“Was it the carciofi?” Medical emergency or no, I was determined to regain the dignity that had been lost at the hands of our ponytailed waiter, who had stared blankly at me while I attempted to order artichokes.
Jeff didn’t respond, which finally got me out of bed. Despite my petulance and belly full of spitefully-consumed tiramisu, I had taken it upon myself to model one of the negligees I’d received at my bridal shower, essentially just a fish net with a head hole. My nipples poked out curiously from between the strands as I listened for sounds of vomiting, but there came none.
“Babe?” I called, pressing my fingertips against the flimsy door.
“I need a cigarette,” Jeff groaned.
“I thought you said you couldn’t breathe.” This came out harsher than I meant it to, and Jeff emerged from the bathroom, pale and sweaty, with a frown.
“I think I’m having a panic attack,” he said.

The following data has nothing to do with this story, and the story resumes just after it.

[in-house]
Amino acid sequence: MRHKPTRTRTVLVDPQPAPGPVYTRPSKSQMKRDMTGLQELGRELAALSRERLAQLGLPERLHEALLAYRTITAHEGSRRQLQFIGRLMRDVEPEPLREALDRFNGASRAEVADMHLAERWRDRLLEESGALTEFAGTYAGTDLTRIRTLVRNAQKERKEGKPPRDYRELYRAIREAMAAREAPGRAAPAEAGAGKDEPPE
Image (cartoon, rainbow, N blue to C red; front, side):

“What?!” (Again, power drill/industrial vacuum.) “Why?!”
“I don’t know.” He put a hand over his chest, and my blood ran cold. My first thought was, I have been married to this man for three days and he is dying. My second was, He’s dying because he can’t stand to be married to me. My third, and most chilling was, If I can’t even order an appetizer, how am I supposed to call an ambulance?
That one I said out loud.
“No ambulance,” Jeff said, wincing. “I think I just need some fresh air. Take a walk with me.”
Are you sure you want me to go with you? I almost said, but the words stopped short on the tip of my tongue. Whether or not I was the cause of his nervous system’s sudden override, we were each other’s companions in a country where neither of us could correctly conjugate verbs. Also, barely 72 hours earlier I had vowed to love and cherish Jeff in sickness. Granted, I had been picturing some old-man sickness, in a far-off future in which I dressed like Iris Apfel, but a promise was a promise.
I threw a trench coat over my R-rated ensemble and led him downstairs, clutching his clammy hand in a vise grip. As we passed the dining room, which was still serving at ten o’clock, Jim Morrison’s deep, haunting voice trailed after us: “The time to hesitate is through… No time to wallow in the mire…”